Minority Report: For Shareholders
Posted on: March 22nd, 2019 by

Minority shareholders in a closely held private company are not gifted with the same powers of foresight that Steven Spielberg granted John Anderton (a.k.a Tom Cruise) and his ‘Pre-Crime’ unit in the 2002 seminal, futuristic crime-drama ‘Minority Report’. Set in the year 2054, the Pre-Crime unit relied upon mutated humans called “Precogs” who had an ability to visualize the future. Essentially, would-be murderers were arrested before they committed the actual crime.

Minority shareholders don’t have this power to ‘pre-tell’ in order to take unilateral ad hoc preventative steps to guard against harm or interference with their interests.  As a result, the task of protecting minority shareholders’ interests falls to the legislature and clever corporate lawyers to draft protections for the minority shareholders from future peril. For example, it is common in oppression remedy cases for the minority shareholder to claim they were excluded from the business and that vital financial information was withheld. Section 140 of the Ontario Business Corporations Act, (“OBCA”) requires that companies “prepare and maintain” certain enumerated documentation including “adequate accounting records” which has been interpreted to include financial statements. Furthermore, section 145 of the OBCA confers that any registered or beneficial owner of shares of a company may examine the records referred to in section 140 during the regular business hours of the company. Essentially, minority shareholders in private companies are entitled to unfettered access to the accounting records of the company. It’s not quite as good as an ability to tell the future, but it’s useful information that can be relied upon when it comes time to vote your shares. The Canadian Business Corporations Act has similar provisions at section 155.

Additionally, most readers of this newsletter will be familiar with the shotgun provision in a shareholders’ agreement. Of less notoriety, but also effective in protecting minority shareholders’ interests, is the tag-along right. A tag-along right, or “piggyback”, is generally a right that is attached to a minority shareholder’s interest. The tag-along right provides a minority shareholder with the ability to veto a sale by the majority shareholder to a potential purchaser, unless the purchaser also agrees to purchase the minority shareholder’s interest as well. The tag-along right protects the minority shareholder from a potential corporate takeover where the purchaser is intent on limiting the existing shareholder(s)’ ability to manage and control the company. Perhaps more importantly, it guarantees that the minority shareholder will not have to become a joint owner with an undesirable third party.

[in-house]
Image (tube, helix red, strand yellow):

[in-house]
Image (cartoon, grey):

The third-party purchaser may be hesitant to purchase all of the outstanding shares of the minority shareholder who enjoys the tag-along right. Tag-along rights can be drafted to ameliorate this concern, while also affording protection for the minority shareholders, by requiring the purchaser to reduce the amount of purchased shares in proportion to the interests of the party enjoying the tag-along right. For example, say Shareholder A and Shareholder B each own 30% of the company. Shareholder A enters into an agreement with a purchaser to sell her interest in the company, and Shareholder B wishes to exercise her tag-along rights. If the tag-along right is structured as set out above, by exercising the tag-along right the purchaser would be required to purchase 15% of shareholder A’s shares and 15% of Shareholder B’s shares, or 30% in total just as originally contemplated. The party enjoying the tag-along right gets to sell a percentage of her interest and therefore reduce her overall risk.

Finally, section 185 of the OBCA provides that where a shareholders’ resolution is passed which involves a fundamental change in corporate operations, the objecting shareholders are afforded “disserting rights”. In essence, the objecting shareholders (who by definition hold a minority interest) can initiate a dissenting process which leads to their exit from the company after being paid fair market value for their shares. However, this section of the legislation is less effective than a shotgun provision because it only applies to resolutions that requires two thirds of shareholders’ approval to pass, and only those resolutions creating a fundamental change such as:

  • An amendment to the articles of incorporation that remove or change restrictions on the issue, transfer or ownership of shares;
  • An amendment to the articles of incorporation that remove or change any restriction upon the business that the company can engage in;
  • Selling, leasing or exchanging all or substantially all of the company’s property; and
  • Certain other enumerated situations.

The timelines and deadlines for complying with the requirements of section 185 are technical and detailed, so corporate counsel should be engaged to assist with navigating this process.

Majority shareholders have an ability to appoint the officers and directors and, therefore, to indirectly control the company and, as the interests of the majority and minority may not always be aligned, you have fertile ground for sowing the seeds of discontent. As minority shareholders are not blessed with the power to see into the future and change the course of events, like John Anderton and his ‘Pre-Crime’ unit, they need to protect themselves by firstly having a shareholders’ agreement in place containing dispute resolution and ‘shotgun’ provisions and secondly by retaining competent corporate counsel. 

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